Shirley Jackson is the kind of writer who makes you scared of going outside, but you stay home only to realize that the horror has never left your home. While her short story “The Lottery” is well known, this collection contains some of her never-before-published stories. The first story, “Paranoia,” will show you what I mean by inevitable horrors of the mind. There are also fun tidbits from her daily life towards the end that prove to be a welcome change from your typical heart popping out of your chest.
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Taiping Tales of Terror by Julya Oui
I haven’t read that yet. However, this introduces the reader to a wide variety of ghosts narrated by boys who sit around the campfire. The author uses the landscape of Taiping, a city in northwestern Malaysia, to further emphasize the eeriness, creepiness and thrill of the short stories. The short stories are also littered with tons of Malaysian culture – think Nyonya houses, trishaws, and Buddhist temples.
Thin spots by Kay Chronister
Chronister’s focus in these stories is on women who struggle to be heard, who seek power and agency, who are haunted by real and imaginary ghosts. They swim in legend and the supernatural, but emerge in reality, which makes them all the creepier. You’ll find a whole range of characters here – witches to demons, mothers to daughters – as the themes of loss, grief, and resilience are explored. The story from the collection “The women who sing for Sklep” about a composer who is looking for a new sound is a must.
Where the Wild Ladies Are by Aoko Matsuda, translated by Polly Barton
This collection is a retelling. It takes several Japanese myths and urban legends and turns them upside down. The stories woven here are so brilliant that I would eagerly look up what legend or myth the story I just read came from. On the surface, you’ve got premises like a busy aunt disapproving of hair removal or a happy lover who comes in every night for a plush bath, but it’s the undertones mixed with the simple narrative that are really let chills run down your back.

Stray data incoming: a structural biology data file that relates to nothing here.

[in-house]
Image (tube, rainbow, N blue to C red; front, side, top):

Burning Your Boats: Angela Carter’s Collected Short Stories
If your idea of horror is that unsettling feeling that creeps under your skin and stays there, then Carter’s entire collection is for you. Her work takes stock of our imaginations such as legends and historical figures and immerses them in their surreal and gothic imaginations. Her works are similar to the works of the Brothers Grimm, Burroughs, Hoffman and Poe, but vibrate with themes such as feminism, pain and macabre that are unique only to them. The highlights include “Loves of Lady Purple” and “The Tiger Bride”.
Stephen King’s night shift
Would it be a horror story list without King’s work? Probably. It’s by no means a requirement, but this collection is really excellent. It’s the first collection of his short stories, and each of the stories is fantastically edited and strung up. The first story, “The Lot of Jerusalem”, takes place a few years before his novel “The Lot of Salem” and serves as a flawless premonition of what is to come.
If you’re looking for something more scared, then check out some more collections of short stories or check out this list of horror listeners on the go!